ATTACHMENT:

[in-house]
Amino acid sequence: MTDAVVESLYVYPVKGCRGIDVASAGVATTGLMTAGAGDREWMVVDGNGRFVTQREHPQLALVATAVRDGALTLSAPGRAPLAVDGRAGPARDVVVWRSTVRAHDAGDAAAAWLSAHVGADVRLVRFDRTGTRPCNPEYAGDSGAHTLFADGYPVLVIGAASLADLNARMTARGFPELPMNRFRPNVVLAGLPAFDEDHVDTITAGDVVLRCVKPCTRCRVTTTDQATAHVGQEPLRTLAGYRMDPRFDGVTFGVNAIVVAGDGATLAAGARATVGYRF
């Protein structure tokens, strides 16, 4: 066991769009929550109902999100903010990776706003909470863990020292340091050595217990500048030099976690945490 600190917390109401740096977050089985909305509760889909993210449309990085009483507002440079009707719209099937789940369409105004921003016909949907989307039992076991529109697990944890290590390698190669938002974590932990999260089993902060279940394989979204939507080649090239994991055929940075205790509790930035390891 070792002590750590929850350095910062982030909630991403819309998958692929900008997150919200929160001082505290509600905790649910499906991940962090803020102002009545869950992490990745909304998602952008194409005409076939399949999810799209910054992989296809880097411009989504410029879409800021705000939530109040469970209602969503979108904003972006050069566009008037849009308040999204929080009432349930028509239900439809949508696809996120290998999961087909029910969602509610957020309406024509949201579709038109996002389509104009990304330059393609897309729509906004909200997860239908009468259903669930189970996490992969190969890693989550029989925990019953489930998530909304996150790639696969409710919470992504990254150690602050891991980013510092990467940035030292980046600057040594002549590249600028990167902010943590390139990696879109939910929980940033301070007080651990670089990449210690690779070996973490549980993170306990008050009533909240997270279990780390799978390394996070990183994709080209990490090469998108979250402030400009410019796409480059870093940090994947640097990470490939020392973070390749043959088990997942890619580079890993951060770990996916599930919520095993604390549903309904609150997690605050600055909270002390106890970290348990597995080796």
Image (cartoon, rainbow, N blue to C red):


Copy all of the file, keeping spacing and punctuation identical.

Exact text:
[in-house]
Amino acid sequence: MTDAVVESLYVYPVKGCRGIDVASAGVATTGLMTAGAGDREWMVVDGNGRFVTQREHPQLALVATAVRDGALTLSAPGRAPLAVDGRAGPARDVVVWRSTVRAHDAGDAAAAWLSAHVGADVRLVRFDRTGTRPCNPEYAGDSGAHTLFADGYPVLVIGAASLADLNARMTARGFPELPMNRFRPNVVLAGLPAFDEDHVDTITAGDVVLRCVKPCTRCRVTTTDQATAHVGQEPLRTLAGYRMDPRFDGVTFGVNAIVVAGDGATLAAGARATVGYRF
């Protein structure tokens, strides 16, 4: 066991769009929550109902999100903010990776706003909470863990020292340091050595217990500048030099976690945490 600190917390109401740096977050089985909305509760889909993210449309990085009483507002440079009707719209099937789940369409105004921003016909949907989307039992076991529109697990944890290590390698190669938002974590932990999260089993902060279940394989979204939507080649090239994991055929940075205790509790930035390891 070792002590750590929850350095910062982030909630991403819309998958692929900008997150919200929160001082505290509600905790649910499906991940962090803020102002009545869950992490990745909304998602952008194409005409076939399949999810799209910054992989296809880097411009989504410029879409800021705000939530109040469970209602969503979108904003972006050069566009008037849009308040999204929080009432349930028509239900439809949508696809996120290998999961087909029910969602509610957020309406024509949201579709038109996002389509104009990304330059393609897309729509906004909200997860239908009468259903669930189970996490992969190969890693989550029989925990019953489930998530909304996150790639696969409710919470992504990254150690602050891991980013510092990467940035030292980046600057040594002549590249600028990167902010943590390139990696879109939910929980940033301070007080651990670089990449210690690779070996973490549980993170306990008050009533909240997270279990780390799978390394996070990183994709080209990490090469998108979250402030400009410019796409480059870093940090994947640097990470490939020392973070390749043959088990997942890619580079890993951060770990996916599930919520095993604390549903309904609150997690605050600055909270002390106890970290348990597995080796």
Image (cartoon, rainbow, N blue to C red):